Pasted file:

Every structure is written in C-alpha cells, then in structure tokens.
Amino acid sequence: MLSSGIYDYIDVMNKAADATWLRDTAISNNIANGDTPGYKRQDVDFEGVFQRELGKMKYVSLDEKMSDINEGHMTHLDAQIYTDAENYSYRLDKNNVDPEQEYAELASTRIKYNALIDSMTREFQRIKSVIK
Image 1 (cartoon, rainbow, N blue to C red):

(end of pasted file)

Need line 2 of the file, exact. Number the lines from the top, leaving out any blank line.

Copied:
Amino acid sequence: MLSSGIYDYIDVMNKAADATWLRDTAISNNIANGDTPGYKRQDVDFEGVFQRELGKMKYVSLDEKMSDINEGHMTHLDAQIYTDAENYSYRLDKNNVDPEQEYAELASTRIKYNALIDSMTREFQRIKSVIK